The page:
Well, to while away the lonely hours of catching up with admin on front desk, all by myself (yah, I know, boo hoo, poor me and so on) I’ve been listening to Hong Kong Radio and have somehow got everyone else listening to it too. We’ll be having Faye Wong tribute nights in the conference room soon and start bopping around the photocopier to godawful Cantonese boy bands. The music is feckin’ terrible – I’ve always hated the stereotype that Chinese people have no musical rhythm and now I hate that stereoptype even more: Chinese people actually have no musical taste. However, the talkie bits are training my ear to take in a bit more Cantonese than normal, especially trying to follow the news which is always read in a very different register than conversation. After speaking the language all my life, I may actually, eventually, become fluent...

In other news, I heard a very good song at Brave New Word last Sunday (as well as some pretty darned good poetry too…) and may be embarking on a slightly different Elvis tip from now on. Are there any Chinese Elvis Costello impersonators out there? If yes, I’d like to see that, oh yes, I would…

Thursday, December 12, 2002

"Sugar pretending to seduce an invisible man, begging him in a voice almost hysterical with lust. 'Oh, you must let me stroke your balls, they are so beautiful - like . . . like a dog turd. A dog turd nestling under your . . . ' Your what? Shush had such a good word for it. A word to make you wet yourself? But Caroline has forgotten the word, and now's not the time to ask." - Michel Faber, The Crimson Petal and the White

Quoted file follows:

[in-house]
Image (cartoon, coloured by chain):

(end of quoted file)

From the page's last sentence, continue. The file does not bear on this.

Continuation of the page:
You know, I thought this *ahem* entry would win, or the one where the cries of "Chairman Mao!" ring out with orgasm. Yah, that one was pretty good too. However, neither attained this most respected and highly anticipated literary award.

In other news, I think I deserve a change of scenery. And I've decided that I need to do more when I say I want a change of scenery than swapping posters from one bedroom wall to another. So I may be in the countryside to see in the New Year, which will be very exciting as I've realised the only place I've been to this year, outside London, was a stressful afternoon in Leicester (see previous entry on that little excursion...) Hurrah for last minute plans!

Wednesday, December 11, 2002

"In between mugging little old ladies and joyriding, I once built my own crack den out of fuzzy felt. It was so nice... so warm... so fuzzy." - on comparing my childhood with others who had joined the Brownies and Girl Scouts, including one who was asked to leave because she sewed her bobble hat wrong.
And how did I have time to recall the days of my youth yesterday? And get some Christmas shopping done? And fall asleep on the sofa the second the Simpsons finished to wake only in time for dinner, after which I went back to sleep?